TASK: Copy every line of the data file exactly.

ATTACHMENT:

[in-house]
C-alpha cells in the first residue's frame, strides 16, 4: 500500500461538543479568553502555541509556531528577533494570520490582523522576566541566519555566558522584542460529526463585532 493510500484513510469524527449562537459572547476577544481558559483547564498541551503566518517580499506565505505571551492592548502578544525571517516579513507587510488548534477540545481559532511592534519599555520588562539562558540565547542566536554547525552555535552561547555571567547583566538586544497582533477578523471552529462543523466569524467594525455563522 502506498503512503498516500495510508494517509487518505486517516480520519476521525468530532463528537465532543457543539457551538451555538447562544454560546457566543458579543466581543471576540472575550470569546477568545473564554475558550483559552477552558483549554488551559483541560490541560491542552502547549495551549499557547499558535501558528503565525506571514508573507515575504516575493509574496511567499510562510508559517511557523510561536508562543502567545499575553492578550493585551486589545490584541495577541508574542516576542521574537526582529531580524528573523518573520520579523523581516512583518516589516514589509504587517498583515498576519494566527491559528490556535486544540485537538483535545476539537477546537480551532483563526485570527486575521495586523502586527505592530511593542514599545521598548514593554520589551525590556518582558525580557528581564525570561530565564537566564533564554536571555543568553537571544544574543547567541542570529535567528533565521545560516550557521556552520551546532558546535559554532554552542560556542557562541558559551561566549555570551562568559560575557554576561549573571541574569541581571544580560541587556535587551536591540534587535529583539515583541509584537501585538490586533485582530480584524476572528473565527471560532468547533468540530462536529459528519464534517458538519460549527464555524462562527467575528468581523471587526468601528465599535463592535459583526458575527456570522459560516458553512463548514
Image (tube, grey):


[in-house]
C-alpha cells in the first residue's frame, strides 16, 4: 500500500461538543479568553502555541509556531528577533494570520490582523522576566541566519555566558522584542460529526463585532 493510500484513510469524527449562537459572547476577544481558559483547564498541551503566518517580499506565505505571551492592548502578544525571517516579513507587510488548534477540545481559532511592534519599555520588562539562558540565547542566536554547525552555535552561547555571567547583566538586544497582533477578523471552529462543523466569524467594525455563522 502506498503512503498516500495510508494517509487518505486517516480520519476521525468530532463528537465532543457543539457551538451555538447562544454560546457566543458579543466581543471576540472575550470569546477568545473564554475558550483559552477552558483549554488551559483541560490541560491542552502547549495551549499557547499558535501558528503565525506571514508573507515575504516575493509574496511567499510562510508559517511557523510561536508562543502567545499575553492578550493585551486589545490584541495577541508574542516576542521574537526582529531580524528573523518573520520579523523581516512583518516589516514589509504587517498583515498576519494566527491559528490556535486544540485537538483535545476539537477546537480551532483563526485570527486575521495586523502586527505592530511593542514599545521598548514593554520589551525590556518582558525580557528581564525570561530565564537566564533564554536571555543568553537571544544574543547567541542570529535567528533565521545560516550557521556552520551546532558546535559554532554552542560556542557562541558559551561566549555570551562568559560575557554576561549573571541574569541581571544580560541587556535587551536591540534587535529583539515583541509584537501585538490586533485582530480584524476572528473565527471560532468547533468540530462536529459528519464534517458538519460549527464555524462562527467575528468581523471587526468601528465599535463592535459583526458575527456570522459560516458553512463548514
Image (tube, grey):